Yonder Mountain String Band
Our final day on the mountain broke with the most gorgeous fall morning – the smell of camp stoves firing up simple breakfasts, the sound of distant birds giddy with the extravagant catch afforded them by the night’s rain, and the sweater-weather wake-up nip of a crisp autumn breeze tousling wet grass and sleepy-head hair all seemed like the sweet morning song of mother nature calling us forward and into the bright world to dance our joy into the soft, wet earth.
Saturday was a wonderful day! It started with sunshine, birds and bluegrass and ended with stars, hippies and bluegrass. The day promised to be a great one just because of the fact it was the last day of the festival. The lineup was just as good as the other days, leaving nobody disappointed. I think the only person who was sad about Saturday was the nearly-legally-blind dude I met this morning who lost his glasses. Bummer.
Yesterday’s beautiful weather didn’t last past noon. It wasn’t long before the clouds rolled in and fog began to creep around the campsites. The first beer of the morning was cracked around nine as we made breakfast and waited for more of our friends to arrive. In the meantime, we met a bunch of our neighbors – everyone we’re camped next to is really friendly! People would stop in just to say hello and ask how our night went, and we had great conversations with people who also love these gorgeous Ozark Mountains.
It rained. It didn’t pour and ruin everything, but it rained. As I was walking through the small amount of mud created by the rain I decided to just be thankful for it. So here I am on Saturday morning…thankful for all the great I get to experience this weekend. (And the morning sun.)
Yonder Mountain String Band’s Harvest Music Festival is the best that Mulberry Mountain has to offer. While Wakarusa pulses to the vibrant beat of youth culture and features many of today’s top acts across varying musical genres, Harvest offers an entirely different experience that has a way of twiddling itself into one’s heart.
Jeff Austin and his latest project, The Here and Now, will be heading out one more time this year for a few shows in the Northeast in November. This time around Austin will be joined by long-time friend and collaborator Danny Barnes on banjo and guitar along with Johnny Grubb (formerly of Railroad Earth) on upright bass. The shows will feature new songs from Austin as well as some favorites from the Yonder Mountain String Band songbook.--November Dates:11/14 - StageOne - Fairfield, CT11/15 - Stafford Palace Theater - Stafford Springs, CT11/16 - Flying Monkey - Plymouth, NH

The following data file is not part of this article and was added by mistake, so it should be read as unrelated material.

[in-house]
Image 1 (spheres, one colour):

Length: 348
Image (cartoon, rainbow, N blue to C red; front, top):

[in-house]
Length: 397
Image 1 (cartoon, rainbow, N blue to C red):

Only two weeks out from the 8th annual Harvest Music Festival featuring Yonder Mountain String Band, October 17-19, 2013, preparations are nearly complete at picturesque Mulberry Mountain in Ozark, AR. This year’s festival will give attendees the chance to experience nearly 100 sets of music from a wide variety of genres, including performances by
While Colorado-based string rebels Yonder Mountain String Band never seem to stop touring, the boys recently managed to fit some well-rehearsed studio time into their seemingly endless schedule to record their self-produced album YMSB EP ’13, which is due out October 8th on the band’s own Frog Pad Records. Recorded entirely from the road, the four-track EP features one song written by each member of YMSB.
Bluegrass is a music steeped in tradition, but over the past decade and a half -- much of it spent on the road -- Yonder Mountain String Band has spearheaded a renegade movement to rewrite the definition of the genre. Alongside other neo-bluegrass friends such as Leftover Salmon, Sam Bush, Bela Fleck, The Travelin' McCourys, and Railroad Earth, YMSB has thoroughly revitalized and contemporized bluegrass and introduced it to many thousands of new fans.